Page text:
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Cervico-Fascial Space Infections / Cervico-Facial Cellulitis / Peri-Mandibular Infections

Due to the strategic position of the wisdom tooth (3rd molar) at the junction of a number of different fascial spaces, any infection in this area must be taken seriously as an infection here can easily spread along the fascial planes and compromise the airway.

The head and neck (cervical) region has a large number of fascial spaces. These ‘spaces’ are bounded by the fascia, which may stretch or be perforated by the purulent exudates (pus), facilitating the spread of infection. These ‘spaces’ are potential areas and do not exist in healthy individuals. There are a number of them including the:

  • buccal space
  • buccinator space
  • para-pharyngeal space
  • sub-mandibular space
  • sub-lingual space
  • lateral pharyngeal and
  • pterygoid space

Infections in the buccal space and buccinator space are usually localised on the lateral side of the mandible.

Sub-masseteric infections occupy the potential space between the lateral border of the mandible and the masseter muscle. This is not a fascial-lined space; infection in this area is in direct contact with the masseter muscle and usually induces intense spasm in the muscle, resulting in a profound limitation in mouth opening (trismus).

Internal pterygoid space infections occupy the fascia-lined space between the internal pterygoid muscle and the medial aspect of the mandible. Infections in this area cause a less profound trismus but can result in airway embarrassment. They can also result from Inferior Alveolar Nerve block.

The sub-mandibular space consists of a splitting of the investing fascia of the neck to enclose the submandibular salivary gland and is in continuity with the internal pterygoid and para-pharyngeal spaces. Infections in this region can cause airway embarrassment and, when bilateral with associated cellulitis, is termed Ludwigs Angina. This is very serious and potentially life-threatening.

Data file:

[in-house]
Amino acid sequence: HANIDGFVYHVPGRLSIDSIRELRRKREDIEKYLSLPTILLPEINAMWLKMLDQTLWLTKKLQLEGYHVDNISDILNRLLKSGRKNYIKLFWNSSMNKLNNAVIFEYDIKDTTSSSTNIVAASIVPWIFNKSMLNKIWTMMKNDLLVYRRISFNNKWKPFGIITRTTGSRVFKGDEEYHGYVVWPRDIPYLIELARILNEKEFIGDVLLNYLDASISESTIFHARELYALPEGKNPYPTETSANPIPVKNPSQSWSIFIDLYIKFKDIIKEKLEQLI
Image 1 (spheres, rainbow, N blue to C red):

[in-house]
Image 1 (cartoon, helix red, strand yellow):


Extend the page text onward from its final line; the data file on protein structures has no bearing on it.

Infections occur between the pharyngeal mucosa and superior constrictor muscle. Infections in this region are also potentially life-threatening and require urgent attention.

Fascial Space Infections – key features

  • Potentially life-threatening infections due to spread of bacteria into peri-oral fascial spaces
  • Infection usually arises from lower second or third molars (wisdom teeth).
  • Affected tissues are swollen and of ‘board-like’ hardness
  • Severe systemic upset
  • Glottic œdema (swelling) or spread into the mediastinum may be fatal

The main principles of treatment remain surgical with (dependent) drainage of pus augmented by antibiotic therapy. The infective organisms are normal oral flora and the penicillin family of antibiotics remains the antibiotics of first choice.

With the increasing recognition of the role of anærobic oral bacteria in these infections, clindamycin can be substituted for penicillin in severe infections or metronidazole added to the penicillin. Studies show an average of four bacterial species in any oral infection with anærobic species outnumbering ærobic species, although streptococci remain the largest single group of organisms.